Steven Amsterdam

AMR: Steven Amsterdam and Teresa O’Halloran in our Author meets Reviewer series

Article published on November 3, 2016.

We subjected Steven Amsterdam to our Quirky Q&A in the new issue of nb magazine (Autumn 2016) and here on nudge he answers some slightly more serious questions from reviewer Teresa O’Halloran about his startling new novel, The Easy Way Out.

Teresa O’Halloran: Your first book was set in a futuristic dystopia and your second book was about a family with special powers. What led you to tackle reality at such close range?

Steven Amsterdam: Funny, I don’t see this book as any more real than my others. Assisted dying is not quite reality – at least not here and not yet – but I wanted to imagine it was. Which is to say that I wanted to look at a somewhat inevitable future from close range. My approach here was the same as with my other books: take something strange and figure out what it would take to normalize it. Right in there is where stories become the most interesting, where you get close to characters who have adapted to situations that are, to readers in the here and now, difficult to picture. So I invented this world, where Measure 961 makes assisted dying legal. I added an underground group that would handle any cases that didn’t fall under its guidelines. All fiction is speculative. Whether it’s the nomad making his way through apocalyptic fire and flood, the househusband who can fly, or the guy handing out the lethal cup of Nembutal, I want to know what it takes to be that person and what risks that person will take to get what they need. That’s the reality.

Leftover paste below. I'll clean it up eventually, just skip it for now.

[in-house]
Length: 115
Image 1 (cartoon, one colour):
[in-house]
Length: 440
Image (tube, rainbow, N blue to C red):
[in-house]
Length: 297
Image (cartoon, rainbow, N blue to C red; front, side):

TH: There have been novels about people assisting with a death, but never one where the protagonist is a ‘dying assistant’. How did you come up with Evan?

SA: Evan grew from my work as a community palliative care nurse – except for the fact that I don’t see people off on as strict a schedule as he does. In my role, I visit people who are very sick and try to give them whatever support they need – clinical, psychological, social. It’s a privilege to be allowed into people’s lives at such a time and profound to be able to make a difference.

Every now and then, a patient will ask me, “Isn’t there something you can do to make this go faster?” There’s a lot going on in these moments, for them and for me and I want to get it right. First, there’s the legal answer – No – and the subsequent discussions about whatever led them to this question and what we might be able to do about it. Inside, my answer has two other parts to it that I can’t say out loud: The first is that, for their sake, I wish there was a law. Before long, I am sure there will be a law. Part two of my answer is that, for my sake, I’m glad there’s nothing I can do. Even though I’m theoretically in favour of it, and even though I work in the area where it would likely happen, that is not a job I would want. This disconnect, between my support and my resistance, made me wonder: Who would be the right person for that job? So I came up with Evan. Through him, I wanted to imagine this future and all of it’s complicated moments.

TH: His life is complicated, not just his job description. He’s got a mother who herself has a poor prognosis but is always ready for a good time. And romantically, he’s partly attached to a couple that keeps prodding him for more attention. Why?